Everyone wants their digital workplace to be not only beautiful, but fast. Slow pages make for a frustrating experience and make people unlikely to return. Your time—and your team's time—is money, and following these performance best practices with LiveTiles can save you both.
LiveTiles Design does not have a specific restriction on number of tiles on a page. The page does not automatically slow down with each new tile on it. The best accounting of design elements that affect perceived page performance is actually the number of images—especially large images—and the number of dynamic tiles.
Images will cause a second flash after the render, as they are requested and potentially leave your background with just a color, rather than your big beautiful background image. Dynamic tiles are tiles that load external data sources—such as the Documents, RSS Feed, and Cloud Documents tiles. These tiles load their content asynchronously and independently. They will sit with a spinner on them until the data returns, and choosing to use them imposes a second wait period. In general, you should use the minimal number of dynamic tiles and images, ideally providing other useful visual content on the page aside from the dynamic tiles.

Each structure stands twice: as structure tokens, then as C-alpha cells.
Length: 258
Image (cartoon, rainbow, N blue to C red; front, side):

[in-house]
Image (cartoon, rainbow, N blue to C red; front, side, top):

In order to understand the performance considerations of the page in-depth, it's important to understand the life-cycle of the page:
Minimize Page Size
Minimizing the total size of the page makes for a faster initial load and better browsing experience.
Other Considerations to Minimize Page Load Times Include:
Making sure images used for backgrounds, image tiles, and News tiles are appropriately sized in resolution for their purpose (i.e. you don't need a 4MB background image). If performance is of paramount importance, avoid images unless absolutely necessary.If you need to use a lot of images, icons, etc., consider using a Content Delivery Network for your assets. The same applies if you use the Code Snippet Tile (or use code inline so it is cached with the page). Avoid managing and accessing the files in a SharePoint library.Given that embedded content is outside the control of our page code, use features like the slide out panel or modals to avoid loading embedded content on the main page. For Office 365, the proximity of your tenant to the user can have a dramatic effect on page load. For responsive pages, if you end up hiding half the content on a page you should consider whether building a second page with a targeted experience is actually a better option. Most importantly, test repeatedly until you achieve your desired outcome.
The Cost of Slow Pages
It's a problem with a lot of industry research behind it (see infographic below) and is considered often in consumer-facing web apps, but often falls to the wayside when considering how to build intranets and other internal tools for a company.